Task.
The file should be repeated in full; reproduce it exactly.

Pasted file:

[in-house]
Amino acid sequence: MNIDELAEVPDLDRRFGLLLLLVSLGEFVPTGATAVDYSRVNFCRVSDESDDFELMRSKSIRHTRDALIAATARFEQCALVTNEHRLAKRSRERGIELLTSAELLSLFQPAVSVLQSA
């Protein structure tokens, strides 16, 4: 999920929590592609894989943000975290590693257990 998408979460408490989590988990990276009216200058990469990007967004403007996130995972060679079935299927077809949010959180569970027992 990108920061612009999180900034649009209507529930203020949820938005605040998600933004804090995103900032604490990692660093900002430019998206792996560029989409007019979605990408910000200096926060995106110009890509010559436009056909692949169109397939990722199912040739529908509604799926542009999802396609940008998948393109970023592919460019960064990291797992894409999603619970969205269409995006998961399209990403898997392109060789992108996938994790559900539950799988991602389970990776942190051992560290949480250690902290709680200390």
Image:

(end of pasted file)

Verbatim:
[in-house]
Amino acid sequence: MNIDELAEVPDLDRRFGLLLLLVSLGEFVPTGATAVDYSRVNFCRVSDESDDFELMRSKSIRHTRDALIAATARFEQCALVTNEHRLAKRSRERGIELLTSAELLSLFQPAVSVLQSA
């Protein structure tokens, strides 16, 4: 999920929590592609894989943000975290590693257990 998408979460408490989590988990990276009216200058990469990007967004403007996130995972060679079935299927077809949010959180569970027992 990108920061612009999180900034649009209507529930203020949820938005605040998600933004804090995103900032604490990692660093900002430019998206792996560029989409007019979605990408910000200096926060995106110009890509010559436009056909692949169109397939990722199912040739529908509604799926542009999802396609940008998948393109970023592919460019960064990291797992894409999603619970969205269409995006998961399209990403898997392109060789992108996938994790559900539950799988991602389970990776942190051992560290949480250690902290709680200390």
Image: